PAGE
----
The economy and the budget may be consuming Barack Obama’s presidency, but don’t forget that his candidacy was largely–perhaps even mostly–about foreign policy. At the core of Obama’s rationale for running in 2008 was his promise to restore America’s international strength, and diminish the threat of terrorism, by withdrawing our troops from Iraq, closing Guantanamo Bay, and reaching out to the Arab and Muslim world. There was even hopeful talk that his middle name alone would improve America’s image in places like Cairo and Islamabad. Today, such notions seem rather quaint.
The U.S. still has nearly 50,000 troops in Iraq, and they’re supposed to be gone by January, thousands may stay if the Iraqis want them. Obama escalated the war in Afghanistan (though he’s now trying to wind it down) and cranked up the drone war from Pakistan to Yemen. Gitmo remains open, military trials are proceeding, and Obama’s overall detention policies barely differ from those at the end of George W. Bush’s tenure. To be sure, Obama has extended a rhetorical olive branch to people of Muslim faith with his June 2009 address in Cairo and his May speech in Washington on the Arab Spring. But the net result has been… nada. Less than nada, actually.
A new poll of Arab attitudes towards the U.S. from the Arab American Institute pains a dismal picture of Arab opinion of the U.S., finding that “[i]n most countries they are lower than at the end of the Bush Administration.” More:
With the 2008 election of Barack Obama, favorable attitudes toward the U.S. more than doubled in many Arab countries. But in the two years since his famous “Cairo speech,” ratings for both the U.S. and the President have spiraled downwards. The President is seen overwhelmingly as failing to meet the expectations set during his speech, and the vast majority of those surveyed disagree with U.S policies.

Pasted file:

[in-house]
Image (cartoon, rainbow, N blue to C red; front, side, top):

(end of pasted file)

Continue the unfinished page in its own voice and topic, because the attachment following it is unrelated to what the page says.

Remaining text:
In five out of the six countries surveyed, the U.S. was viewed less favorably than Turkey, China, France—or Iran. Far from seeing the U.S. as a leader in the post-Arab Spring environment, the countries surveyed viewed “U.S. interference in the Arab world” as the greatest obstacle to peace and stability in the Middle East, second only to the continued Palestinian occupation.
There are plenty of bleak footnotes. As Adam Serwer notes, our intervention in Libya–justified in part on the grounds that it would show America’s willingness to support the Arab people against brutal dictators–has apparently done little to improve our image. While many Israelis and Jewish Americans are angry at Obama’s approach to the Middle East peace process, there’s little sign of a commensurate benefit among Arabs. And, most depressing of all, the AAI finds that “[t]he killing of bin Laden only worsened attitudes toward the U.S.” Tough crowd!
What Obama can do to reverse this trend, at least within the confines of current political reality, isn’t clear. Getting most or all U.S. troops out of Iraq should help some; ditto for an exit from Afghanistan–but that remains years away. As long as Republicans hold significant power, Guantanamo isn’t likely to close anytime soon. Obama isn’t scaling back the fight against al Qaeda, which will require more drone strikes and other military operations in Islamic lands for the foreseeable future. It seems that one of Obama’s grandest campaign pledges is turning out to be one of his most unattainable.